Escher Slice

I think the year was in the early 90’s. A worldwide tour of M. C. Escher prints, all, or almost all of his life’s work, was visiting the Pacific Science Center in Seattle, where I lived. The Baloneys all bought tickets. They seemed expensive, but you got to go twice. I think you had to schedule your visits in advance.

As with most of the Baloneys, I had been familiar with Escher since my high school days. Some of us had even read Hofstadter’s Gödel, Escher, Bach. We had all paged through large-format books of the prints and were conversant with much of his oeuvre. Some of us had hung Escher posters on our walls.

Our first visit was late afternoon on a summer’s day, or maybe late spring. A fine one, whatever the season. Grasshopper had brought an Aerobee™ and some frisbees, as was his wont, and we were flinging them about a lawn. Come to think of it, it must have been spring, as will be obvious. I’m not that great of a thing-tosser, but the other Baloneys were doing it and it isn’t un-fun and I was trying to get into the spirit. Prompted by repeated bits of unsolicited critique about my technique, I was feeling somewhat wrathful and vengeful. In my wrath, I flung the aerobee with rage-high angular-momentum, on a flat, ground-hugging trajectory, ostensibly towards my would-be coach but clumsily at rather the wrong angle. Here’s how I know it was Spring: the cursed object turned out to be aimed at a bed of blooming tulips. We noted the toy’s progress through the flowerbed, not by observing its actual flight but as revealed by the appearance of a shallow, ‘bee-wide rectangular trough, carved by the spinning blade’s premature decapitation of the dazzling petals. Turns out you can put a lot of angular momentum into an aerobee, and tulip stems don’t offer much resistance to spinning knife-edge disks. The craft plowed all the way through the tulip bed, landing in the lawn a ways beyond. I don’t think there was any constabulary patrolling the area, or maybe they simply took pity on us rather than confronting, as we sheepishly retrieved our bloom-slaughtering projectile and decided it was near enough to our scheduled visit time to slink over to the Science Center.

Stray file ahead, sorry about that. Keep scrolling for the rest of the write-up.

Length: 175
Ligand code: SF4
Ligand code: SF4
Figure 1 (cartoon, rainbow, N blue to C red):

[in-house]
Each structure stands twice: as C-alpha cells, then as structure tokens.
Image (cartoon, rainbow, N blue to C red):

After viewing only the first or maybe the second print we realized the genius of the two-visit conceit. We knew our brains were going to have to digest what we were seeing before returning for more study. Irrespective of the high resolution of the large reproductions, the prints themselves had a presence well beyond the reprographics. The infinite was slightly more infinite, the illusion that much more illusory. There were many works I couldn’t remember having seen, some smaller than the more famous prints, bookplates and the like. My second visit, I believe just with Mrs. Dean-to-be (we were not yet affianced), I thought to spend more of my time on the less familiar works, but I wasn’t as successful as I’d hoped. All of his works simply draw the eye and the mind. Even familiar old foot stompers had unremembered or novel details on second viewing.

I’ve watched some Escher documentaries, and I’m familiar with Roger Penrose’s and his father’s mutual influences with Escher. Geometry fascinates me – spherical, Euclidian, hyperbolic. Ever since I learned about tesseracts, I think in third grade, I have felt that there must be a way to envision geometry, to “see” theorems in an intuitive way that gives the correct answers, so that even if you can’t or don’t know how to write it down, if you did you would see it truly proven.